Coastal Sciences, Gulf Coast Research Laboratory
The abundance of juvenile blue crabs (Callinectes sapidus) in the northcentral Gulf of Mexico was investigated in response to climate-related hydrological regimes. Two distinct periods of blue crab abundance (1, 1973-94 and 2, 1997-2005) were associated with two opposite climate-related hydrological regimes. Period 1 was characterized by high numbers of crabs, whereas period 2 was characterized by low numbers of crabs. The cold phase of the Atlantic Multidecadal Oscillation (AMO) and high north-south wind momentum were associated with period 1. Hydrological conditions associated with phases of the AMO and North Atlantic Oscillation (NAO) in conjunction with the north-south wind momentum may favor blue crab productivity by influencing blue crab predation dynamics through the exclusion of predators. About 25% (22-28%) of the variability in blue crab abundance was explained by a north south wind momentum in concert with either salinity, precipitation, or the Palmer drought severity index, or by a combination of the NAO and precipitation.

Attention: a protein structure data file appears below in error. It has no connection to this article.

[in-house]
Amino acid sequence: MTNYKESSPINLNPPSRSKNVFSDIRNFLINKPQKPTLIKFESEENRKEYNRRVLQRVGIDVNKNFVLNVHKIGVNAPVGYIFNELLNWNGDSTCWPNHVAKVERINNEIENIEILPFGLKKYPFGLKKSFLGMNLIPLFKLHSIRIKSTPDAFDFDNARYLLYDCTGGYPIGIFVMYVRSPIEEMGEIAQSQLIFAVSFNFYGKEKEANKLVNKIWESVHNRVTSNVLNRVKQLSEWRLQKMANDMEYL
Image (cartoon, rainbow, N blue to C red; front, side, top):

Perry, H. M.,
Biesiot, P. M.,
Johnson, D. R.,
Lipcius, R. N.
(2011). Climate-Related Hydrological Regimes and Their Effects on Abundance of Juvenile Blue Crabs (Callinectes sapidus) in the Northcentral Gulf of Mexico. Fishery Bulletin, 109(2), 139-146.
Available at: https://aquila.usm.edu/fac_pubs/579